Combining Bluetooth Smart with ZigBee offers the classical 1 + 1 = 3.
The trade media loves the standards war as competing technology narratives keep the media users on their toes while providing the thrill and suspense of a soap opera. Take, for instance, the wireless networking tango between IEEE 802.11 (aka Wi-Fi) and Bluetooth during the late 1990s, when one industry group claimed that Bluetooth would wipe Wi-Fi from the face of the earth. Conversely, when Wi-Fi 802.11b arrived in 1999, its proponents said that it would kill Bluetooth.
Eventually, Wi-Fi settled for networking of computers in home and office environments, while Bluetooth became a popular connectivity tool between computers and peripherals. Bluetooth and Wi-Fi standards now peacefully co-exist, and the key take-away from the Wi-Fi vs. Bluetooth spat is that protocol wars slow down both the technology deployment and market acceptance. Moreover, each technology has its strengths, and it’s usually prudent to use those strengths in a coordinated manner.
Now there’s a sense of deja vu in the Internet of Things (IoT) realm where questions are being asked: Will Bluetooth Smart (aka Bluetooth Low Energy or BLE) will win over ZigBee? Will ZigBee decline? Can BLE and ZigBee co-exist? BLE is the low-power version of the short-range Bluetooth wireless technology. It addresses the battery-life shortcomings of the classic Bluetooth BR/EDR technology and is popular in wearable devices like smart watches and fitness bands.
When BLE arrived in 2010, its backers asserted that it would kill the IEEE 802.15.4 low-rate wireless personal area network (PAN) standard, which comes in various flavors: ZigBee, RF4CE, and Google’s Thread. The renewed confidence in the BLE camp comes from the 2013 introduction of Bluetooth 4.1 and the 2014 introduction of Bluetooth 4.2, which both brought significant improvements to enable IoT scenarios, thanks to new features such as longer packets, improved security and privacy, and the ability to do 6lowPAN/IPv6 over BLE, and be slave and master at the same time.
These functions are opening the door to mesh networking on top of Bluetooth, which is still implemented in proprietary ways by various vendors, but is soon to be standardized as the outcome of the Bluetooth Smart Mesh Working Group. It’s worth noting that mesh networking is a key strength of ZigBee and has served well in industrial and home automation environments.
BLE vs. ZigBee
The home automation industry is evolving into the “smart home” premise, and here, BLE is bucking the trend with its Bluetooth Smart credentials. The overall trend in home automation is to go smart, and one of the key leverages of BLE is that it can be controlled from a smartphone. ZigBee, on the other hand, is not present in smartphones.
So will smartphone makers add ZigBee wireless connectivity? Probably not. ZigBee’s key advantages are mesh and 6lowPAN, and BLE now offers both. Moreover, BLE solutions are extremely low power, even lower than ZigBee.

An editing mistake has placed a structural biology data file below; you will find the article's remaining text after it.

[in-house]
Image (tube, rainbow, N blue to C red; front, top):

Not surprisingly, therefore, the BLE deployment has been brisk. It emerged in 2010, and is now everywhere. That’s in sharp contrast to ZigBee, which took ages to be deployed and has suffered from the lack of good interoperability. ZigBee – which has been around since the early 2000s – has accomplished relatively low volumes so far.
The notion that it’s the end of the road for ZigBee is a bit exaggerated. ZigBee is everywhere in home automation applications such as lighting, shutter, and HVAC control. While BLE can support applications similar to ZigBee, there’s resistance to switching due to a large installed base.
Smart-home OEMs acknowledge BLE as a clear trend, but, at the same time, they aren’t willing to abandon ZigBee, a mature technology that’s been available for more than 12 years. ZigBee was initiated in 1998, officially standardized in 2003 as 802.15.4, revised in 2006 as 802.15.4-2006, then consolidated in 2011 with new PHYs and amended in 2012 as 802.15.4e with MAC improvements. Now the release of ZigBee 3.0 in late 2015 is a clear attempt at streamlining the interoperability issues by uniting the previously disparate elements of ZigBee’s software stack.
Where do ZigBee solutions go from here? The BLE chips adding a ZigBee stack seem to be the clear way forward. Though BLE is adding ZigBee-like features like meshing and support for IP traffic, BLE and ZigBee can complement each other in a number of smart-home settings. Take a door lock, for instance, which can be opened through a smartphone via a Bluetooth link. The same door lock can be connected to the home router via ZigBee and controlled over an Internet connection. So when the owner approaches the door, his phone communicates with the router using cellular or Wi-Fi and automatically opens the door using the ZigBee stack inside the router. However, if the Internet connection is down, the owner can open the door lock using his smartphone via Bluetooth Smart.
That’s a clear trend in the IoT segments – a single platform open to several technologies. Moreover, BLE, and ZigBee have similar building blocks such as RF, modem, encryption, and 6LowPAN. The combination of two technologies will still be an inexpensive product, as it will use similar radio, modulation, and security schemes.
BLE uses the GMSK modulation technique while ZigBee employs an offset QPSK scheme that’s similar to GMSK without the Gaussian shaping filter; both BLE and ZigBee use AES-based encryption accelerators. TI’s SimpleLink CC2650 and Freescale’s KW40Z wireless MCUs are two examples of BLE and ZigBee combo chips, and there’s more on the way.
The trade media is keenly looking for standards wars in the next technological front – aka IoT – but the smart home market, one of the early success stories in the IoT space, is more inclined toward a prudent arrangement in which BLE and ZigBee work concurrently to create a win-win situation.